SIGNS AND SYMPTOMS
Signs and Symptoms: Herpes simplex virus (HSV) infections involving the lid may present in one of two forms. The classic appearance involves an accumulation of small vesicles or pustules along the lid margin and/or periocular skin. These lesions typically have an inflamed, erythematous base. Within the first week of infection, the vesicles may ulcerate or harden into crusts.
A second “erosive-ulcerative” form of HSV blepharitis has also been described. This presentation is characterized by erosions of the lid at the Gray line or ulcers along the lid margin, or a combination of both. The lid typically displays generalized swelling and redness associated with these lesions.
HSV blepharitis is encountered primarily in children, although adults may also manifest this disorder. Presenting symptoms include pain and tenderness upon palpation, as well as increased lacrimation in severe cases. If the conjunctiva is involved, tarsal follicles may be observed along with bulbar injection and chemosis. Swollen pre-auricular nodes (pre-auricular lymphadenopathy) on the involved side is common.
Herpes simplex is actually the most common virus found in humans. A member of the Herpetoviridae family, HSV is a double-stranded DNA virus that replicates within cell nuclei. As it leaves the host cell, it becomes encapsulated and can lie dormant for extended periods. Several trigger factors, including fever, trauma, emotional stress, menstruation, exogenous immunosuppressive agents, and overexposure to UV radiation can activate the virus. Transmission typically occurs by direct contact with an open epithelial lesion or contaminated bodily secretions. Rarely, the virus may be spread by contaminated materials such as towels or tissues.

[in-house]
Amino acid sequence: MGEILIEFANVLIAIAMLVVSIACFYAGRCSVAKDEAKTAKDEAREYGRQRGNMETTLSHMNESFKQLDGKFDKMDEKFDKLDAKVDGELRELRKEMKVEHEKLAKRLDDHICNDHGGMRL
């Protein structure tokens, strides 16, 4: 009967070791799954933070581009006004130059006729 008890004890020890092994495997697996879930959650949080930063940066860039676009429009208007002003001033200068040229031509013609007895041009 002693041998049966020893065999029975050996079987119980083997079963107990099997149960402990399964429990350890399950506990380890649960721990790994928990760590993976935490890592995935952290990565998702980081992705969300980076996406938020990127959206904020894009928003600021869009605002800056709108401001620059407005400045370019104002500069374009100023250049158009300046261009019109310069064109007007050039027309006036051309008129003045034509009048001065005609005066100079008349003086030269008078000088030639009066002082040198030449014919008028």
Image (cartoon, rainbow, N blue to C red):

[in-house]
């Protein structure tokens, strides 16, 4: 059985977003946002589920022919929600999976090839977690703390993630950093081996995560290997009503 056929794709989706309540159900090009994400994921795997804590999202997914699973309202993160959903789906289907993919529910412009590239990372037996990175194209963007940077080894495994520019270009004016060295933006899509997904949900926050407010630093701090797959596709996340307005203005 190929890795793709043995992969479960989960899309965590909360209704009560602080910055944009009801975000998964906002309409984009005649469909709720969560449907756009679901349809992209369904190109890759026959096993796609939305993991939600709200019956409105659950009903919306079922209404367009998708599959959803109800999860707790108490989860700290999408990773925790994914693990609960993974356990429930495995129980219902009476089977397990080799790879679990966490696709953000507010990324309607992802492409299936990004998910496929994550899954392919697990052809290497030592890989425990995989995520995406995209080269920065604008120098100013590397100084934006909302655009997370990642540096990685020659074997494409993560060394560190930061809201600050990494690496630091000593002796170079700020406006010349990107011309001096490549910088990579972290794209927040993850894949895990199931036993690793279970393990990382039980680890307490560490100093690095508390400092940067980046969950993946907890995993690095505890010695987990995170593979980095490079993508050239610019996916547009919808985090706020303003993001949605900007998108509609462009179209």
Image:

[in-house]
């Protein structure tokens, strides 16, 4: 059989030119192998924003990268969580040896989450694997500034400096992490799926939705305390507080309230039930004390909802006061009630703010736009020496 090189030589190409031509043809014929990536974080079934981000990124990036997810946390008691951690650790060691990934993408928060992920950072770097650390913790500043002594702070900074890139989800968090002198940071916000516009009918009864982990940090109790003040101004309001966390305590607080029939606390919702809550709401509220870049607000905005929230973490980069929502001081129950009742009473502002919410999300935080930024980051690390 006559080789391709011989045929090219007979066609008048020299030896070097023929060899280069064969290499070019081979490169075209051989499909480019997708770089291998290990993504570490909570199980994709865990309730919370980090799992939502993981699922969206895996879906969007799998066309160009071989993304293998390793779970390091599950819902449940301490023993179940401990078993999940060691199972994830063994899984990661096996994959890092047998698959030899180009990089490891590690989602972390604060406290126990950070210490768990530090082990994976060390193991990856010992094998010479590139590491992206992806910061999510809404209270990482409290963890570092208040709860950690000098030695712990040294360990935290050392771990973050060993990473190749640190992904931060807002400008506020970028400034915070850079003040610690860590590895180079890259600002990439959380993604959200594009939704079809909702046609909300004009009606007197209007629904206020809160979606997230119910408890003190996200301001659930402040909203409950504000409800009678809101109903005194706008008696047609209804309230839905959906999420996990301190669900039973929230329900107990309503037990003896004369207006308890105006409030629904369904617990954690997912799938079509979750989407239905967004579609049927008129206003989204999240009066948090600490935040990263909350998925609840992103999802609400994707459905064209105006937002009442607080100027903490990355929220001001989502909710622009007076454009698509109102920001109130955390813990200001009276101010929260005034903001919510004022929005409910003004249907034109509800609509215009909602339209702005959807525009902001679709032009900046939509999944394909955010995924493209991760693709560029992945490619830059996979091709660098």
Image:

Primary ocular infections occur most often in children between the ages of 6 months and 5 years, and almost invariably present as blepharitis or blepharoconjunctivitis. In recurrent attacks, the virus usually reappears as a dendritic keratitis. Several reports of recurrent HSV blepharitis have been reported in the literature, however.
There is no specific treatment for HSV blepharitis, and most often the course of the disease is self-limiting. The use of warm saline compresses with a topical drying agent (e.g. 70% alcohol) is usually sufficient to palliate the patient. If the lesions are extensive, concomitant use of topical antibiotic ointment is prudent to prevent a secondary opportunistic bacterial infection. The use of topical or oral antiviral agents has not been proven to enhance the recovery of patients with HSV blepharitis, although it is advocated by some practitioners for more severe cases. However, topical trifluridine (Viroptic 1%) is absolutely indicated in cases presenting with corneal involvement.
The use of topical steroids on HSV lid lesions may be unwise, particularly if there is other ocular involvement. Although corticosteroids may be used without fear in cases of herpes zoster (HZO) blepharitis, their use in cases of HSV infection may predispose the patient to the eruption of a dendritic keratitis.
• Always include HZO in the differential diagnosis of HSV blepharitis. Keep in mind, however, that HZO typically affects elderly patients over the age of 70. Younger patients who present with HZO are often immunocompromised secondary to disorders such as AIDS or lymphoma. HSV blepharitis is usually encountered in children, but can occur at any age.
• Although herpes simplex is known as a sexually transmitted disease, the vast majority of ocular herpes infections are not contracted via sexual contact. This is very important to recognize when considering pediatric cases of HSV blepharitis.